ANALYSIS – PLAAF EW Flights in East China Sea Raise Questions
MONS analyses the significance of recent PLAAF electronic warfare activity.
On 13th December, the Japanese Ministry of Defence (MOD) revealed that the People’s Liberation Army Air Force (PLAAF) had flown a package of combat aircraft, which included two Electronic Warfare (EW) platforms through international airspace between the East China Sea Japanese islands of Okinawa and Miyako on 11th December.
The MOD confirmed that the package of aircraft included a pair of Xian H-6K strategic bombers, and two unidentified fighters, possibly Sukhoi Su-30MK2 or Shenyang J-11 fighters according to a statement from the PLAAF. The EW component of the package comprised a single Shaanxi Y-8 turboprop freighter and Tupolev Tu-154MD turbofan transport. As well as flying through the Miyako Strait located between Okinawa and Miyako, the two EW platforms and H-6Ks, sans the fighters which returned to the Chinese mainland, then flew onwards through the Bashi Channel, a stretch of water between the Philippines and Taiwan’s Orchid island, the MOD continued.
A PLAAF spokesperson stated that the mission was flown to enhance training and to protect Chinese sovereignty and territorial integrity. The inclusion of the Y-8 and Tu-154MD is interesting. Although the MOD statement did not specify which Y-8 variant participated in the mission, open sources note that the PLAAF possesses both the Y-8CB and Y-8JB versions: The former is said to be an electronic counter-measures platform, presumably to perform high-powered jamming against hostile radar and/or radio communications, with the latter Y-8JB intended to perform Electronic Intelligence (ELINT) collection, and hence presumably operate in a passive role. The role of the Tu-154MD is more obscure. Various open sources have reported that the aircraft is a synthetic aperture radar platform with others claiming that it is an ELINT collection platform, and there is a possibility that the aircraft performs both roles. If this is the case, it is possible that the two platforms are designed to work with one another, with the Tu-154MD collecting the strategic ELINT picture of relevant RF (Radio Frequency) emitters, and the Y-8JB performing deeper ELINT collection regarding specific signals identified by the Tu-154MD’s ELINT equipment and vice versa.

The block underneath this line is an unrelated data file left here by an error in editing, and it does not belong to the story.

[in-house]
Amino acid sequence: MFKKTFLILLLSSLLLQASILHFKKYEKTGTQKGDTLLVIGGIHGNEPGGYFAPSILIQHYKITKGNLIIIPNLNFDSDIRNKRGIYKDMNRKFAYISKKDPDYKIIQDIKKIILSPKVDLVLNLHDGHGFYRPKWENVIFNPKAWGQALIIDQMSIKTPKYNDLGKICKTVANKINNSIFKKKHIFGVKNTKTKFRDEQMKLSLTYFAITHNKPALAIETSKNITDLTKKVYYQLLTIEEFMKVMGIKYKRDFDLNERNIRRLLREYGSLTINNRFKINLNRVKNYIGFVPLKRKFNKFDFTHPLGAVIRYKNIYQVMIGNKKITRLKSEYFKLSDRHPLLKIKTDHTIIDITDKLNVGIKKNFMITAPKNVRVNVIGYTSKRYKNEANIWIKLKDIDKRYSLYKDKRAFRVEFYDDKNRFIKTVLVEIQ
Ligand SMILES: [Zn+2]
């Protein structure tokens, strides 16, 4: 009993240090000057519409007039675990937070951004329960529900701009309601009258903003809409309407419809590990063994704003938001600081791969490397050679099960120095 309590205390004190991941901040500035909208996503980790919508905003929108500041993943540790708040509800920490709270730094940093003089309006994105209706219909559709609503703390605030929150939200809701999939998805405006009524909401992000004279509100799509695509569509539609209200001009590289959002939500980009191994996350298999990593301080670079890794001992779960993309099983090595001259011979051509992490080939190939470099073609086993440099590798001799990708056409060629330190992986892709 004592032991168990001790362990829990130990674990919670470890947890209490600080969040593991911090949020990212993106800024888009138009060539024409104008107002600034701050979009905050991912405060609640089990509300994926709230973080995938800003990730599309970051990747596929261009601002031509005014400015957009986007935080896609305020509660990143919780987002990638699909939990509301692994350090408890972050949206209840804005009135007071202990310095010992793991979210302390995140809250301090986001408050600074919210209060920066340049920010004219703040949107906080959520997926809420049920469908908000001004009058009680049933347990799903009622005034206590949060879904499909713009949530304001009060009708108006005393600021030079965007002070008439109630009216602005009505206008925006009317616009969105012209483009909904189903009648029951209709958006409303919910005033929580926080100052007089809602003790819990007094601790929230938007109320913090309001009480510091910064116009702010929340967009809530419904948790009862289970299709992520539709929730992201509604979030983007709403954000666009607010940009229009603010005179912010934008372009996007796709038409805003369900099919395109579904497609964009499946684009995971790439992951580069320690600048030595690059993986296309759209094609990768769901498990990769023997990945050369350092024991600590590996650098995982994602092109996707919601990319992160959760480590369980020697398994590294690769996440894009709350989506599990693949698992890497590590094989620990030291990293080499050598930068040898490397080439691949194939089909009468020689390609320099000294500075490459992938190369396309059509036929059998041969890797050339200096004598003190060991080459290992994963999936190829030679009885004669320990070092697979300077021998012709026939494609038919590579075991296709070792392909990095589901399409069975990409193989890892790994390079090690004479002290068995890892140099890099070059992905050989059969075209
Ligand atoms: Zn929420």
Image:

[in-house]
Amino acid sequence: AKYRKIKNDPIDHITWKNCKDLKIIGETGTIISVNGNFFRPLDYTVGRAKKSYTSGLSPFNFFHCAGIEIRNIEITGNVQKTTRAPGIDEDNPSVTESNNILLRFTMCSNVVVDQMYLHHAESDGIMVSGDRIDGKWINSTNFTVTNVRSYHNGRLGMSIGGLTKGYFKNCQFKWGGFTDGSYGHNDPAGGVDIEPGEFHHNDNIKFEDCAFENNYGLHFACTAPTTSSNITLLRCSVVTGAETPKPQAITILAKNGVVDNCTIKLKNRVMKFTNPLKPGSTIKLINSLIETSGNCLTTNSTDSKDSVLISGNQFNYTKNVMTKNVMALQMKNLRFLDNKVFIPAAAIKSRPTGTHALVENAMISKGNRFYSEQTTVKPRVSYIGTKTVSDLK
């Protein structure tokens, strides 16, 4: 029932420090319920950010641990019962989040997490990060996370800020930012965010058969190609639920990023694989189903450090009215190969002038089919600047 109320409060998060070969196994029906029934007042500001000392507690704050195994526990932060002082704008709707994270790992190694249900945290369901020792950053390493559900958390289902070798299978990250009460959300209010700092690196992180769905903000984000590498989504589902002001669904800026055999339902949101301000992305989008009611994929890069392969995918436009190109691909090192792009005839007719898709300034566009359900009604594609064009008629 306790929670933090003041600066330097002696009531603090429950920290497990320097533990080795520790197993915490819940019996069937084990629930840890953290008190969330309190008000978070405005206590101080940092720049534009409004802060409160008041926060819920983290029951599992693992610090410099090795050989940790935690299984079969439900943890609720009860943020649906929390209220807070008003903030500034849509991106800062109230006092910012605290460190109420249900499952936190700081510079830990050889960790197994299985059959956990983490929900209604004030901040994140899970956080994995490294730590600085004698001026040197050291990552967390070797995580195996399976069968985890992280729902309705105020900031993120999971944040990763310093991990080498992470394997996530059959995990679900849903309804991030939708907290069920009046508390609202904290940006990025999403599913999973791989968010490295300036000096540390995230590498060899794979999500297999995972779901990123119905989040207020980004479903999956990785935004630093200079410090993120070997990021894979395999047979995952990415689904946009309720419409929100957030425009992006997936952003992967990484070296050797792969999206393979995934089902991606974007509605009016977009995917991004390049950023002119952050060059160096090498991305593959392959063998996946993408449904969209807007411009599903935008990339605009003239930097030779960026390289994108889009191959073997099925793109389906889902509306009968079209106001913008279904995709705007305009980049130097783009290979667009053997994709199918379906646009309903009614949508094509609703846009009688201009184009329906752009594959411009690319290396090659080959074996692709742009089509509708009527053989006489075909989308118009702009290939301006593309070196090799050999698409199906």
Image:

Alternatively, it is possible that the Tu-154MD may have been collecting imagery intelligence regarding ground-based air defences in parts of Japan, Taiwan and the Philippines in proximity to the flights, and the Y-8 platforms collecting ELINT regarding ground-based air surveillance radars in these areas, thus helping to enhance the PLAAF physical and electronic order-of-battle regarding potential opposing forces. The presence of the two H-6K bombers may have helped to measure the electronic and physical reactions of Japan’s ground-based air defences, and it is noteworthy that the Japan Air Self Defence force scrambled an undisclosed number of McDonnell Douglas/Mitsubishi F-15J fighters to help safeguard Japan’s air sovereignty, which the MOD states was not violated. These recent flights indicate that the PLAAF is adopting an increasingly strategic mindset in the East China Sea region, and is strengthening its electronic warfare capabilities, at the same time as sharpening the skills of its aircrew.
Thomas Withington, Toulouse